Events

Economists with Guns: Authoritarian Development and U.S.-Indonesian Relations, 1960-1968

November 14, 2008 // 2:00pm3:30pm
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History and Public Policy Program
Asia Program
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Bradley R. Simpson, assistant professor of history and international studies at Princeton University, will discuss his new book, Economists with Guns: Authoritarian Development and U.S.-Indonesian Relations, 1960-1968. David Painter, associate professor of history at Georgetown University, and David Ekbladh, assistant professor of history at Tufts University, will provide commentary.

Bradley Simpson is assistant professor of history and international studies at Princeton University and author of Economists with Guns: Authoritarian Development and U.S.-Indonesian Relations, 1960-1968. Simpson is also founder and director of an ongoing project at the George Washington University's National Security Archive to declassify U.S. documents concerning Indonesia and East Timor during the reign of General Suharto (1965-1998). The documents are being used as the basis for a major study of U.S.-Indonesian relations focusing on how the U.S. and the international community's embrace of authoritarianism in Indonesia shaped development, human rights, civil military relations and political Islam.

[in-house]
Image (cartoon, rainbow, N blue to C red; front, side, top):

David Ekbladh is assistant professor of history at Tufts University and a specialist in international history and modern U.S. history. Ekbladh earned his Ph.D. from Columbia University in 2003 and is the author of "How to Build a Nation: A Simple 52 Year Program" published in the Wilson Quarterly in Winter 2004, as well as The Great American Mission: Modernization and the Construction of an American World Order, 1914 to the Present (forthcoming).

David Painter is associate professor of history at Georgetown University where he specializes in diplomacy and international economic relations, especially with respect to the oil industry. Painter is the author of The Cold War: An International History and Oil and the American Century: The Political Economy of U.S. Foreign Oil Policy, 1941-1954, and is editor, with Melvyn Leffler, of Origins of the Cold War: An International History.

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